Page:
Sunday, December 8, 2013

Brief economics of the bleeding heart - "conventional" libertarian divide


Bleeding heart libertarianism is a term that, to some, may sound like an oxymoron. However, according to the members of the blog BHL (Bleeding Heart Libertarians), this is not at all the case. They argue that it is, in fact, not only possible, but unavoidable that, if one cares about the poor, or other "marginalized" groups, one should be a libertarian. This is where bleeding heart libertarians essentially agree with "conventional" libertarians--that liberty brings prosperity and justice. However, where bleeding heart libertarians depart from the conventional libertarian narrative is in their view of the value of liberty relative to other moral goals people may have (i.e., helping marginalized groups, like the poor).

Bleeding heart libertarians argue that most people consider liberty (as defined by "conventional", say, Rothbardian libertarians) to be only one of the desirable human moral goals. This implies that, if faced with a situation in which one would have to choose between liberty and all other moral ends, most people would be willing to trade off some of their desire for freedom for the sake of keeping or increasing the attained level of other moral ends.

The next step bleeding heart libertarians make is to say that they, like most other people, don't always place freedom at the top of their moral value scale. So, when it comes to valuing freedom relative to other human moral ends, bleeding heart libertarians don't want to change people's preferences. they take people's preferences as given. The twist they introduce is the argument that, even for an average Joe, who is willing to trade off some of his desire for freedom for the sake of attaining other human moral ends (like helping the poor), the best possible world is the one in which liberty is maximized. Why?

The reason why even an average Joe would, if he understood economics properly, choose a world in which freedom is maximized is that the technical relationship between attaining freedom and attaining other important human ends is such that there is no trade off between freedom and the other moral ends average Joe cares about. According to this view, more freedom leads to a better attainment of the other moral ends average Joe cares about.

This view has some important implications. First, to persuade people that libertarianism is the way to go, one does not need to change people's preferences for freedom. Instead, one should try to explain to people why more freedom leads to a better attainment of the other moral ends people hold as important. Thus, the emphasis here is on using economic science to determine whether the claim about the technical relationship between freedom and the attainment of other human ends is true.

Is it really true that more freedom leads to a better attainment of other important human ends, including those moral ones, like helping the poor? From what I have learned about the functioning of economic systems so far, I would venture to say that this claim is generally true in most situations. However, claiming that more freedom leads to a better attainment of other important human ends in all situations would be, at best a stretch, and a vacuous generalization at worst.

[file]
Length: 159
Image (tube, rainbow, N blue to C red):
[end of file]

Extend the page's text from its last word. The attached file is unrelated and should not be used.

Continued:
The other implication is that, if it turns out that bleeding heart libertarians, "conventional" libertarians, and I were wrong about the technical relationship between freedom and the attainment of other important human ends, then an average Joe would not prefer a world in which freedom is maximized, and bleeding heart libertarians would not advocate such a world. They would advocate a world in which some level of freedom is attained, but not the maximum level of freedom. If, in fact, the attainment of more freedom was possible only at the expense of not achieving some of the other important human ends, then an average Joe would want to give up some of his desire for freedom for the sake of attaining other important human ends.

This, in my view, is the crux of the disagreement between bleeding heart libertarians and "conventional" libertarians. "Conventional" libertarians argue that liberty should be the highest human value even if that meant giving up some of other important human ends. Thus, "conventional" libertarians are making an argument that human preferences for freedom should have a specific form--a form in which one is not willing to give up any of his desire for freedom even when this is for the sake of achieving some other human ends. On the other hand, bleeding heart libertarians are arguing that, regardless of our preferences for freedom, once we understood the relationship between the attainment of freedom and other human ends, we would choose a world in which freedom is maximized.

Since bleeding heart libertarians take human preferences as given, and "conventional" libertarians argue that human preferences for freedom should take a specific form, there is no common ground for debate between "conventional" libertarians and bleeding heart libertarians. While they agree on the nature of the technical relationship between the attainment of freedom and other important human ends, their disagreement on the proper shape of human preferences for freedom remains, and it will remain until one or the other group modifies its preferences for human moral ends.

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